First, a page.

“I kept talking and shouting to him to open the door and he was like a crazy man and kept ignoring me,” she said.
“He started following me everywhere I went in the house including following me into the bathroom. He then caught and dragged me into a bedroom and started to assault me, striking me on the face with his fists and sexually assaulting me.”
Anna later gave a detailed account of the sexual assault, for which she has received extensive counselling in a rape crisis centre. Her ordeal persisted through the night into the next day, Monday.
During the course of the assault, Canice allegedly attempted to force her to drink alcohol.
“He got a bottle of vodka and forced the bottle into my mouth, which was hurting my mouth, jaws, and face. I kept trying to keep my mouth closed and he kept pushing the bottle and the vodka down my neck and I began getting sick and vomiting.
“The television was on at all times and early on Monday morning he allowed me to sit on the couch. I was terrified and shaking and felt numb. He started touching and kissing me again.
I kept pushing him away, crying, and asking him to let me go home. He said he was going to the shop outside to get bread for breakfast.”
Once he left, Anna saw her opportunity. She grabbed her bag and flung open the door. Canice was standing there and he pushed her back in, threw her on the floor, and assaulted her again. It was following this incident that the knife was produced. The knife was put to her throat.
“When I tried to push the knife from my neck, I cut my hand. I kept pushing him back. I was completely numb and believed this was the end of my life and thinking of my children and family.”
She ended up on the floor again, her assailant flailing away at her, when she heard his mobile phone ring nearby. She grabbed the phone. “I hit the buttons and shouted help, and said, ‘I’m going to be killed’. I don’t know what happened after that.”
What is known is that she was brought to a local medical centre. A note on her attendance states: “Brought to my surgery by garda.” The note records: “Patient appears intoxicated and refuses to give me information.” Anna, it should be noted, had — and to a certain extent still has — relatively poor English. Any reference to how she might have presented must take into account what she had just been through.
Either way, the doctor felt her injuries were so severe that she should be transported by ambulance to Sligo General Hospital. The notes for the ambulance dispatch record that the ambulance arrived at 4.08pm and left with her seven minutes later.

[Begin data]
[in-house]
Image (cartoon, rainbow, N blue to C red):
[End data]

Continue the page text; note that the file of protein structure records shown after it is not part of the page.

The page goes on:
The record states: “Patient involved in domestic dispute; severe swelling to left side of face, eye, nose, mouth. Unstable on feet. Patient very aggressive. Gardaí present. Unable to carry out any OBS (observation) due to patient’s condition.”
The records at Sligo General Hospital are of a similar nature. It’s recorded that Anna was suffering “facial injuries sustained from boyfriend”.
The note also includes: “Pt (patient) BIBA (brought in by ambulance) following a call from gardai. Pt and friend presented to GP following domestic assault.”
Her injuries are laid out. “Facial injuries large hartoma to L (left) eye, nasal swelling, upper and lower lips swollen, abdo (abdominal) pain, teeth and gum pain, multiple bruising to upper limbs. States boyfriend was ‘forced to drink vodka’.”
The last sentence was perhaps meant to convey that Anna stated she was “forced to drink vodka”, an allegation she has been completely consistent about since she first uttered it in a highly traumatised state.
A more detailed note taken at 5.30pm stated: “Assaulted by boyfriend… today pt was forced to drink alcohol, assaulted — hit in the face, head, then also raped.”
Later that evening, at 7.20pm, a medical note taken stated. “Pt reported to Dr has been sexually assaulted.”
There is no record of Anna having ever been examined for sexual assault, or the possibility that she had been subjected to such an assault being further investigated or recorded in the hospital.
Anna is perplexed that the man who assaulted her was repeatedly referred to as her “boyfriend”. While she remembers little, she is adamant that under no circumstances would she have ever referenced him as such. Also, it is entirely unclear who the “friend” recorded as being present was.
Anna was treated for her injuries in the hospital. By then, her friends and landlord back in Galway had become anxious about her welfare.
They hadn’t heard from her since the previous Thursday. The landlord phoned the Garda station in the town and was told of a “domestic incident” following which a Polish woman had been brought to Sligo.
The landlord and one of Anna’s friends drove to the hospital, where they encountered a shocking sight.
“She was in an awful state,” the landlord told the Irish Examiner. “I’d never seen any boxer coming out of a ring worse than her. She was as bad as I ever saw any face. I brought her back to Galway.”
Following her treatment for facial injuries in Sligo, Anna had to receive further treatment in Altnagelvin Hospital in Derry, and St James’s in Dublin. She has also received extensive and ongoing treatment in the Galway Rape Crisis centre.
The report published last November by the Garda Inspectorate into criminal investigations had particular mention for how sexual violence offences and domestic violence were treated.